PALM BEACH GARDENS, Fla. — May is Asian/Pacific American Heritage Month.
It recognizes the contributions and influence of Asian-Americans and Pacific Islander Americans to the history, culture, and achievements of the country. One South Florida woman is sharing her family’s story and how she has helped many local young women achieve success.
The black and white picture depicts a Chinese couple who came to the U.S, Lee and Tooey Yee. The baby in the picture is Shirley Koo, who now lives in Palm Beach Gardens. Her father came to America around the 1940’s.
“When the war started, he was in the Army,” said Koo. “After the war, the veterans were allowed to go back to China, where he was from, and bring a bride over. That’s what he did.”
Koo’s parents started their family in the Bronx, New York. The unfamiliar pushed her parents to learn and grow.
“After he got out of the service he was trained as a mechanic,” said Koo. “However, there were a lot of discrimination at the time. So, a lot of the Chinese servicemen found jobs in laundries and restaurants. That’s what they ended up doing.”
Growing up, Shirley says she and her siblings always looked forward to a weekly tradition.
“Because we were in the Bronx, there weren’t that many Chinese food stores or anything. We would go down every Sunday, go down by train and go to Chinatown and Manhattan. We would have lunch there; we would buy food and bring it back home,” said Koo.
Eventually Shirley would finish high school and college, becoming a math teacher in New York. At the time Shirley says there were many Asian immigrant students who came due to the war. She would tutor and help them acclimate.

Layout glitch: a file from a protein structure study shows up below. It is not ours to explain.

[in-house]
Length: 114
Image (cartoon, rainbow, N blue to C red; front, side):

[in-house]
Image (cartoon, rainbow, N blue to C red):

“I was the only Asian teacher there. So I’m sure they saw me as a role model and then they can see in the society where they could fit,” said Koo. “So that was really rewarding to see these students who just came to the country and succeed. Some of them went on to become teachers and it was good.”
Family vacations led them to relocate to Palm Beach County.
She became an active member of her church, getting involved in many charity organizations.
Now she's the president of the American Association of University Women for the Northern Palm Beach County chapter. They've helped hundreds of young women reach academic achievement and helped raise scholarships for them.
“It’s very important to give back to the community,” said Koo. “My husband and I really believe in giving back what you’ve gotten in the past.”
Koo looks back at the determination and obstacles overcome by her parents and the perseverance that has shaped every step of her journey of who she is today.
“Asians are really all different just like any other people,” said Koo. “When you come to it, all people want the same thing. No matter what color your skin is. You really want what’s best for your family, you want to be part of the community. Everyone wants to belong.”